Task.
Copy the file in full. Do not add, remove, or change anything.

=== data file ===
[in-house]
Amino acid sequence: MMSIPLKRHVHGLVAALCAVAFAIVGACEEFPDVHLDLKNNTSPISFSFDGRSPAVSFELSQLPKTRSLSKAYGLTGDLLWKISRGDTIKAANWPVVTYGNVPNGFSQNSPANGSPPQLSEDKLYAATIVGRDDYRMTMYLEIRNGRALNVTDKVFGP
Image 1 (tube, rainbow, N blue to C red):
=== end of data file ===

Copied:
[in-house]
Amino acid sequence: MMSIPLKRHVHGLVAALCAVAFAIVGACEEFPDVHLDLKNNTSPISFSFDGRSPAVSFELSQLPKTRSLSKAYGLTGDLLWKISRGDTIKAANWPVVTYGNVPNGFSQNSPANGSPPQLSEDKLYAATIVGRDDYRMTMYLEIRNGRALNVTDKVFGP
Image 1 (tube, rainbow, N blue to C red):